1. New ICD-10 codes for 2017
  2. Formal ICD-10 coding training
  3. When two codes are required and not just one.
  4. Changes to open-angle glaucoma codes.
  5. Changes to diabetic retinopathy codes
  6. Changes to macular degeneration codes.
  7. Changes to central and branch retinal vein occlusions
  8. Disease specificity
  9. Exceptions and “Gotchas”
  10. Coding accidents and injuries

Be prepared. Don’t let the insurance companies deny your claims and reduce your income. If your coders and providers have not had comprehensive ICD-10 coding training (at least six hours) you will not be able to fix this in just one or two hours after Oct. 1. It takes training, periodic audits, reviews and continued training and monitoring.

This Webinar is included in our Site License or order a bundle of four for a 50 % discount. If you have any questions please be sure to send them to us beforehand: jeff@eyecodingforum.com

Click here to Order.

Aug. 18 Webinar: Coding and Billing for post-cataract glasses

This 50-minute webinar will be held noon central time on Thursday,  Aug 18. It is only $49 and will be recorded so you can watch it anytime. This Webinar will be specific to ophthalmology and optometry (Eyecare).

This webinar will include numerous rules and guidelines concerning reporting services to the DME-MAC, or durable medical equipment, Medicare administrative contractor. It will cover eyeglasses, contacts and prosthetic eyes. This unique niche is either loved or hated by Eyecare professionals. Many have given up due to the increased paperwork and complexity. However, it is a valuable niche market if you have an optician or sales staff that is comfortable upselling patients on additional features.  This is an updated 2016 version from the EyeCodingForum comprehensive billing and coding course. In this webinar you will learn:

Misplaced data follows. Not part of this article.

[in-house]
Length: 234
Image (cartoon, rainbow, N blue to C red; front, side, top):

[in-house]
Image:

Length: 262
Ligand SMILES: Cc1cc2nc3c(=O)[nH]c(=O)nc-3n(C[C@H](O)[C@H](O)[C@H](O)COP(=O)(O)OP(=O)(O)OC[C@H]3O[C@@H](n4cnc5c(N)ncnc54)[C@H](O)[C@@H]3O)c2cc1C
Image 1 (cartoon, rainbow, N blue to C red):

1. What is DME-MAC?
  2. Basic reporting guidelines
  3. Specific HCPC codes
  4. How to streamline the process
  5. Upselling
  6. Marketing your services
  7. Carrier-specific rules
  8. DME-MAC modifiers
  9. Other supplies
  10. Tying it all together

This Webinar is included in our Site License or order a bundle of four for a 50 % discount. If you have any questions please be sure to send them to us beforehand: jeff@eyecodingforum.com

Click here to Order.

May 19 Webinar: Winning Carrier Appeals the First Time

This 50-minute webinar will be held noon central time on Thursday,  May 19. It is only $49 and will be recorded so you can watch it anytime. This Webinar will be specific to ophthalmology and optometry (Eyecare). It will include:

  1. Most common reason claims are denied
  2. Top Ten Medicare Part-B reasons
  3. Sample Denial letters
  4. Appeal Steps
  5. Get Organized before you call
  6. Identify the Carrier / Gather the manual or LCD.
  7. Is this a non-covered service?
  8. Is pre-authorization always required?
  9. ICD-10 Linking
  10. NCCI Edit?
  11. Correct Modifier?
  12. Is this a Carrier-Specific Rule?
  13. Is this worth appealing? Can you win?
  14. Contacting the carrier
  15. Appeal as many times (levels) as necessary to get paid.
  16. The art of appealing a denied claim.

This Webinar is included in our Site License or order a bundle of four for a 50 % discount. If you have any questions please be sure to send them to us beforehand: jeff@eyecodingforum.com

Click here to Order.

Jan 28 Webinar – Coding Compliance for optometry and ophthalmology

This EyeCodingForum Webinar was on ThursdayJanuary 28, noon central time, fifty-minutes. It is now recorded so you can watch it anytime.

This is an updated version and consolidation of numerous Webinars we have conducted in the past. But it is the first one focused entirely on coding compliance for optometry and ophthalmology. In my 20-plus years of consulting this is the one topic most organizations allow to slip through the cracks–plus it is the most difficult to implement internally because you must be strict with the doctors and there is often pushback.

We will cover:

  1. Basic concepts of coding compliance with an emphasis on Eyecare issues.
  2. Specific examples and areas to focus on.
  3. Office visits
  4. Diagnostic tests
  5. Surgical procedures
  6. Performing a weighted-average analysis of top services
  7. The audit/train/audit feedback loop.
  8. The 12 top compliance errors.
  9. Why baseline training for the staff and providers is necessary.
  10. The features of a good coding compliance plan.
  11. A review of an actual coding compliance plan.
  12. Why implementing good compliance measures will take far less time than you think.
  13. The concept of risk assessment and how much risk your clinic wants to assume.
  14. How improving compliance will improve your bottom line.
  15. And of course your questions.

Click Here to Order the Webinar Now.